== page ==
[Rick] We decided to attend the First Presbyterian Church of Beaufort at the 1100 service. This is a very traditional church and I think I was the only one without a coat and tie. It turns out that they have had an interim minister for the past 15 months and today was his last day. They did not announce it, but I get the feeling that the search committee is about ready to name a permanent pastor. The interim pastor, Dr Louis Lunardini, is a veteran pastor with over 40 years experience. His message was very appropriate and he told a story about one of his classmates in seminary, Fred Rogers. After the service, the church had a wonderful reception for Dr. Lou with a full layout of food and drink.
After church, we retraced our tour from yesterday to take a better look at the historical homes and attractions of Beaufort. This is a very old and historic town. In the 1700’s it was a site of great wealth owing to the production of indigo, cotton, and rice. There are many large mansions and antebellum homes. Slavery was a way of life here before the “War of Northern Aggression” and President Lincoln personally ordered the taking of Beaufort. Many of the mansions were used as hospitals, livery stables, barracks, and officer quarters. The mansions were ordered sold by Lincoln to non-southerners and slaves. Many homes were purchased by slaves who were left behind in the “Great Skedaddle” as the Northern army took over the town in the early part of the war.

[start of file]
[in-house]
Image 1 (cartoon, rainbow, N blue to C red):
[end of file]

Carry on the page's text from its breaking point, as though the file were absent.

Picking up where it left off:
One of the traditions in Beaufort is the painting of the underside of the porches. They are painted either light blue (sky), black (night), or green (grass). It is said that these colors will keep the wasps and hornets from building nests on the porch. It sounds crazy, but the painted homes do not have nests and the unpainted ones do have the insects. Go figure…..
The live oak trees in the town are spectacular. Many are over 800 years old. Our guide pointed out the one that was used to hang pirates and Blackbeard was supposed to be hung from this tree. He escaped prior to the event, was captured later and hung in Charleston, SC.
Most of the residential part of town is in a historic district and is very controlled by the historic board. One street, called Rainbow Row, contains homes of bright colors and to make any changes requires a FEDERAL waiver. The green house in this picture was orange until last week. It took federal review and a waiver to change the color. Then again, the homes are over 200 years old.
We passed the grave yard at the Tabernacle Baptist Church and thought this tombstone had a very interesting name and inscription.
Tomorrow, we leave for Isle of Palms SC. We will bypass Charleston as we have been there several times.